https://bugzilla.wikimedia.org/show_bug.cgi?id=3821


Philippe Verdy <verd...@wanadoo.fr> changed:

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--- Comment #18 from Philippe Verdy <verd...@wanadoo.fr>  2010-01-19 16:17:38 
UTC ---
Ref #1è (Tisza Gergő): you write:
''in case of multiple characters in the charinsert block, all but the first are
thrown away''

Certainly not, this would be exactly against the purpose of the initial bug, as
we really need the possibility of inserting a sequence of '''several'''
characters when they do not exist as precomposed characters.

My proposal would be similar to yours, but the text element content of the
charinsert tag would be '''fully''' inserted.

But given the fact that the text content of charinsert is a list of characters,
the best that we can do is to allow separating them by spaces (including the
possibility of using an initial space to avoid the collision and possible
precomposition with the trailing ">" character that terminates the charinsert
start tag). Then split this text by spaces, ignore leading and traling spaces.
Each remaining sequence becomes a candidate for insertion in the list.

Note that the characters in the text content may also be inserted using numeric
character references (to their unicode code point value in decimal or
hexadecimal). For full XML conformance (and easier editing in edit tools
featuring characters not found in the native script and language of the host
wiki), these numeric character references '''must''' still be interpreted
equivalently.

But I would favor another syntax where the text content of the charinsert tag
would always be the displayed string, using an attribute only to qualify some
spans and limit the characters that will be actually inserted. For example:
<charinsert>č Č š Š ž Ž <char title="hacek"
insert="ˇ">&#x25cc;ˇ</char></charinsert>

Note that for isolated diacritics (combining characters), the character to
display before it in the selector (and only needed there and that should not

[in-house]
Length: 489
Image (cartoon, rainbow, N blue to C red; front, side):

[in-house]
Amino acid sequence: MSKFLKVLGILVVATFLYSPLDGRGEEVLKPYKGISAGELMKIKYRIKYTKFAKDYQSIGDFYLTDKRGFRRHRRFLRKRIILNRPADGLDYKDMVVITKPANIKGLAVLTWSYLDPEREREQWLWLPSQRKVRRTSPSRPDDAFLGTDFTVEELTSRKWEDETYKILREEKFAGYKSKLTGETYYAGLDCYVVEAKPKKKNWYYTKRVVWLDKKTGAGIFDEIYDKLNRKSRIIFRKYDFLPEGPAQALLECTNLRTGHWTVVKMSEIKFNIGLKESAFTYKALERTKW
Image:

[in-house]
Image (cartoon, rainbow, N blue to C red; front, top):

present) should probably be implied. Above I use U+25CC(◌) DOTTED CIRCLE
which is the recommanded one (and supported in many fonts), to avoid the
confusion with the actual precomposed letters which should be clickable
directly and should be visibly distinct. In that case the insert attribute used
above (which specifies which string will be actually inserted in the edited
text when the displayed character is selected), could be avoided completely:
<charinsert>č Č š Š ž Ž <comb title="hacek">ˇ</comb></charinsert>

If some diacritics cannot be used with the default dotted circle, an
"ignorable" (but displayed) quotted substring could be specified:
<charinsert>č Č š Š ž Ž <comb
title="hacek"><q>&#x25cc;</q>ˇ</comb></charinsert>

Note that the separate <comb> element is not really different from the <char>
element above. If the intent is to insert a single Unicode character, the fact
that the referenced character is combining can be infered directly from the
Unicode character properties (there are not so many combining characters in
Unicode, so they could easily be detected in Javascript from a small
preinitialized array of booleans indexed by character, for fast lookups; note
also that some Unicode combining characters are also decomposable, so the
actual characters can also be any string that starts with a combining
character). In that case, this reduces the code to just:

<charinsert>č Č š Š ž Ž <span
title="hacek"><q>&#x25cc;</q>ˇ</span></charinsert>

when specifiying the base character explicitly (U+25CC here, even if this is
the default), or

<charinsert>č Č š Š ž Ž <span title="hacek">ˇ</span></charinsert>

when using the default (the string to insert will just ignore the substrings
between <q>, and if the resulting string still starts by a combining character,
it will display a leading U+25CC DOTTED CIRCLE implicitly.